I’m going to be gradually reducing our nursing sessions over the next few weeks, because six months is plenty.  Because I’m tired of plugged ducts and the fear of mastitis.  Because I’m tired of being bitten by two babies at the same time.  Because it will be hard to pump when I go back to work full time.  Because I don’t want to pump when I go back to work full time.  Because I’d like to go out on a weekend for more than four hours without dragging my pump around and using it in a dirty public restroom to avoid engorgement.  Because my twins are doing great and eating solids now.  Because breastfeeding was never how I bonded with my babies.*** Because formula is a pretty darn good food.  Because I want to, and it’s my choice, and I shouldn’t ever have had to question myself about it.

 

*  And as a whole separate issue, I was pressured by strangers about not letting my doctors ever tell me induction was necessary because it would lead to an unnecessary c-section…but with my blood pressure skyrocketing it was necessary.  And you know what?  I did get an epidural and I did end up with an emergency section.  But I also ended up with two live children and I can sneeze without peeing, so there.

** Eventually I joined some twin parent boards and found them a lot more supportive of both supplementing and exclusive formula feeding.

*** You can’t be fully absorbed gazing into a baby’s eyes for too long when you’ve got to make sure you devote equal attention to the second baby, who also likes to squirm and try to fall off the pillow, and the other has reflux and you have an overactive letdown so you spend a lot of nursing time mopping up,**** and both of them nurse with their eyes shut anyway.

**** As glad as I am to have breastfed for six months, here is the memory of it that will last the longest for me: Tandem nursing and the refluxy baby finishes first.  He requires immediate burping, so I carefully lift him up without disrupting the latch of the other…and he promptly vomits down my back.  Since still-nursing baby is not gaining as well as the pediatrician likes and I am strapped to a giant double nursing pillow, so I find myself unable to get up, crying as vomit trickles down my back and puddles on my sheets.  At 3 AM.  This is what breastfeeding is for me. 

***

Share your story, or your thoughts: email me at formulafeeders@gmail.com.

 

An open letter to Chris Bingley: Your wife deserved better.

This is an open letter to Chris Bingley in honor of his wife, Joe Bingley, whom he lost to severe postpartum depression. 

Dear Chris,

I read about your beautiful wife Joe’s battle with postpartum depression, and I wanted to say… oh hell, I don’t know what to say. Because I’m afraid my anger about what happened to your wife will just feed your grief, and that is the last thing I’d ever want to do.

I write about the pressure to breastfeed, and what it is doing to women, and I hear stories every day that mirror what Joe went through. Women who suffer from a growing desperation, an inner knowledge that something isn’t right, even when everyone around them is willing it to be so; even when everyone around them is telling them it will all be okay if they just get some sleep, get some help around the house, or get over the “hump” of the baby blues.

And these women – more often than not – are seen by an array of healthcare professionals as they try to dig themselves out of this tunnel. The stories I hear have a common refrain – all they cared about was if the baby was breastfeeding. I came second. And all I heard was that breastfeeding was the most important thing a mother can do for her child and I was failing at that. This was my refrain, 5 years ago. I sang it and sang it until someone listened, until thousands of other women answered it with a song of their own. And our collective voices are rising, growing stronger by the day, shouting our song, screaming that we deserve more, that Joe deserved more, and that we will. Not. Let. This. Happen. Again.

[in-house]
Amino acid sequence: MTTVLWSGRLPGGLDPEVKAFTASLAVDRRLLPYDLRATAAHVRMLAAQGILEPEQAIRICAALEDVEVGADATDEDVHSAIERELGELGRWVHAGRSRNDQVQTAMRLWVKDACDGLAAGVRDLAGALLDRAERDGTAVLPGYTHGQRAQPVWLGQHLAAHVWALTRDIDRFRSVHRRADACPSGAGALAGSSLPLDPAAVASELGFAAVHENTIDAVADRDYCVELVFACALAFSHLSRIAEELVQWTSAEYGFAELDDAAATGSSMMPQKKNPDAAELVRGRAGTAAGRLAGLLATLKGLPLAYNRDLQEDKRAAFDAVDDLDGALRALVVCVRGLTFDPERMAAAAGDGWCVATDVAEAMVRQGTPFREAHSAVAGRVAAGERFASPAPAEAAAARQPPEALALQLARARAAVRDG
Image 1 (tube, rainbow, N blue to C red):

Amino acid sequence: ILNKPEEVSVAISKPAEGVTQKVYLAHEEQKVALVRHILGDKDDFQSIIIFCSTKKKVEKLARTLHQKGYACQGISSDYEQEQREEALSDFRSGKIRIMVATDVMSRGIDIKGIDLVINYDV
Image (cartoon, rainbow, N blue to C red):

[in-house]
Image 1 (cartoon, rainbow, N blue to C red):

PPD is a strange and mysterious beast; it’s not always tamed easily, and it feeds on different aspects of different people. For some, breastfeeding is a lifeline, the one thing they can do “right”. For others, it is the sandbag strapped to them as they are already sinking. But the problem is not breastfeeding. The problems is that we are so focused on breastfeeding that all of resources and energy are going to this one aspect of postnatal care – that we have forgotten that the mother’s mental and physical health should come first. I know most people will think that is a terrible thing to say – because doesn’t the baby’s physical and emotional health matter? But what they are forgetting is that a mother’s mental and physical health can afford to be a priority because there are other options to ensure the physical and emotional needs of the baby. Formula or donor milk can suffice. A father’s loving embrace, or a grandmother’s or aunt’s or uncle’s, can fulfill all needs until a mother is well. We are lucky to live in a time where moms can get well without sacrificing their babies’ well being.

But we are unlucky to live in a time where people are unwilling to see things this way.

Joe should have been helped. The professionals who she encountered should have looked at her face rather than her breasts. They should have seen she was sinking; they should have insisted that either a lifeline be thrown or a sandbag removed. There should have been protocols in place for her prenatal, delivery and postnatal care so that she was   screened for and treated for PPD. There should not have been so much pressure put on her to breastfeed; she should have been told that all that mattered was her health and happiness, and that her breastmilk or lack thereof had nothing to do with her worth as a person or as a mother.

I didn’t know Joe. I wish I’d had a chance to. I wish she could be one of the voices in our choir of healing and hope. That she could yell with us and demand better of our governments, our healthcare providers, and our society, so that no woman would be left to drown; so that no woman would ever have to sing that stupid refrain again.

Because I’m sick of the same old song. And I’m sure Joe would be, too.

Sending love from across the pond,

Suzanne Barston, aka The Fearless Formula Feeder